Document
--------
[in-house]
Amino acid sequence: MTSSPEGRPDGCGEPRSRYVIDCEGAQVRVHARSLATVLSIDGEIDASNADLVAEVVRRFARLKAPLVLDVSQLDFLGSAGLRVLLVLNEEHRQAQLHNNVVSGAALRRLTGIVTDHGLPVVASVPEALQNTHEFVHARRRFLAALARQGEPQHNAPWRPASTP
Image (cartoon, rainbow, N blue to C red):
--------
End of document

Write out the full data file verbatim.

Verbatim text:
[in-house]
Amino acid sequence: MTSSPEGRPDGCGEPRSRYVIDCEGAQVRVHARSLATVLSIDGEIDASNADLVAEVVRRFARLKAPLVLDVSQLDFLGSAGLRVLLVLNEEHRQAQLHNNVVSGAALRRLTGIVTDHGLPVVASVPEALQNTHEFVHARRRFLAALARQGEPQHNAPWRPASTP
Image (cartoon, rainbow, N blue to C red):